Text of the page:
We spend plenty of time talking about the LG G3’s display and camera, since those features are highlighted quite frequently by LG, but what about other cool features that come preloaded on the device? Well, we are about to show you a few.
For starters, let’s talk about five cool features you can use on the LG G3. While the features are not necessarily specific to just the G3, potential owners will most certainly want to check these features out when they pick up their new device.
Let’s check ’em out.
Camera Software / Magic Focus / Immersive Mode
While the camera itself is quite remarkable for being attached to a smartphone, the UI and software for the camera on the G3 is also quite well done by LG. The nicest feature I would claim is the immersive mode that can be toggled when shooting stills. What this mode does is hide all of the settings buttons from the UI, allowing you to view only what you are shooting. For those of us easily distracted by a massive amount of buttons and toggles, this is a step in the minimal direction.
When toggled, the camera turns to a tap-to-shoot mode, instead of a tap-to-focus mode. But thanks to the laser built into the rear side of the device, you can still count on taking crisp and well-focused shots, even without tapping on the display.
Finally, much like the Galaxy S5 and One (M8), the G3 features a mode called Magic Focus. With this mode enabled, the G3 takes a small series of photos during a single press of the shutter button. In the gallery, you can later go back to refocus on a certain part of the photograph. I will say, it doesn’t seem as well-tuned as it does on the One (M8) or Galaxy S5, but it is still there for anyone who chooses to use it.
With Knock Code enabled, users can designate a random set of display taps to unlock their device. When setting Knock Code up under the Lock Screen settings menu, there are four quarter areas placed on the screen. Inside those four quarters, you decide what your code will be. For example, you can tap in the top right corner three times, then two times in the lower left corner. The choice is yours.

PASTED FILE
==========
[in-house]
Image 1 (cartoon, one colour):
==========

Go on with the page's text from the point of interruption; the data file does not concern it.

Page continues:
While it isn’t the craziest innovation since sliced bread, it is a breath of fresh air compared to pattern and pin lock codes that users have been forced to use since the dawn of man. Plus, let’s be real, does anyone actually use Face Unlock?
For users of Google Now, Smart Notice will sound deadly familiar. Located on your home screen when you have the widget in place, Smart Notice shows you cards based on weather conditions and upcoming events. For example, when it’s a nice day out, but the temperature is expected to drop quite a bit, a card will remind you that you would be better off bringing a jacket or umbrella with you when you leave the house.
The card is always at the bottom of the Smart Notice widget, which also displays the current weather conditions, as well as the local time.
However, keep in mind it isn’t quite as comprehensive as Google Now is. In time it may be, but for now, it only handles weather, calendar events, and a few reminder settings. We would like to see LG bring more functionality to Smart Notice in the future.
When you buy your LG G3, you can expect to have a lot of people who will want to play with it. And even if you don’t have many friends, maybe your kids or wife will need to use your phone from time to time. Phones can contain a lot of personal information, so when you don’t want a person to have access to those files, you can set up a Guest Mode that will make sure you are protected.
Set up through your main Settings menu, when Guest Mode is enabled, owners can choose which applications are usable in the mode itself, which means if your kids are using the device, you can grant them access to Google Play, plus a few apps and games for them to play with; no need for them to have access to system settings or your work email.
As stated in the intro for this piece, a Guest Mode is nothing exclusive to the G3, but potential buyers, you might be happy to hear that it has made its way to this phone.
First introduced on Samsung devices as Multi Window, LG’s Dual Window is a fantastic copy of the software. To enable Dual Window, simply long press on the “Back” button located on the navigation bar on the bottom of your display. With the feature enabled, users can run two compatible applications simultaneously, on top of each other.
This means that when you are browsing the web on Chrome, you can also catch up on the latest YouTube videos or posts on Droid Life in a window above or below Chrome. Awesome, right?
Of course, compatibility is very limited for what apps you can use Dual Window with, but you can always expect more apps to be made compatible down the road. We have seen compatibility grow for Samsung’s Multi Window over time, so we can expect the same from LG and app developers as well.